I'm a Research Scientist at Apple. I lead a team of designers and researchers that work on making
machine learning more useful and easier to use. I'm motivated by the following observation:
Over the last two decades, the machine learning community has made amazing progress.
Computers can recognize speech, diagnose cancer, and drive cars. Computers can do things
that we could barely imagine years ago. So why aren’t there more products that use
machine learning? Why do we need machine learning PhDs to train successful models? Why
is building software powered by machine learning so hard? I think about these questions,
search for answers, and in the process, end up building software that makes it easier for
more people to use machine learning.
I’ve been lucky. I’ve studied at some amazing places, worked with great people, and
created things I’m proud of. Happy to tell you the full story over coffee, but here
are some highlights:
I noticed that good machine learning models did not lead to great products. I worked
with the design studio to understand how machine learning impacts user experience, and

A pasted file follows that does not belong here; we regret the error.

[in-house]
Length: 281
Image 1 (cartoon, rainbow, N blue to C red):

based on that understanding, created machine-learning-based products and experiences
that people love. We shared what we learned at
new human-interface guidelines for machine learning
I wanted to make it easier for teams to work with data and machine learning, so I started
and led the Colaboratory
team as part of
Google Research, now Google AI. I also got to watch the rise of Google as an AI-first company,
help teach the first large scale machine learning and data science courses at Google, and
teach one of the first data science courses at Columbia University.
I noticed that machine learning tools were hard to use and often used improperly. I studied
machine learning engineers, understood their workflows, and built tools to make their jobs
easier. I wrote a
thesis that I’m proud of and whose
underlying findings are still relevant a decade later.
I wanted to learn more about machine learning, so I started a machine learning focused masters
at Stanford. I happened to be in the room when Stanford decided to build a car for DARPA Grand
Challenge and got to write the first paper from Stanford on self
. I also moonlit in Jeremy Bailenson's virtual reality lab studying how people
learn physical skills in VR settings
A series of disconnected, seemingly random events and interactions led me to study at Carnegie
Mellon, take classes in computer science, machine learning, and design, work with a research
team that built speech systems on wearable computers with head
, and apply to graduate school. These experiences set the groundwork for
everything I’ve done since.